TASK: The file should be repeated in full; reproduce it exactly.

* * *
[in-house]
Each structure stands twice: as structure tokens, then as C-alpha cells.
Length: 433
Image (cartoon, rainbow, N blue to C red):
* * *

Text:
[in-house]
Each structure stands twice: as structure tokens, then as C-alpha cells.
Length: 433
Image (cartoon, rainbow, N blue to C red):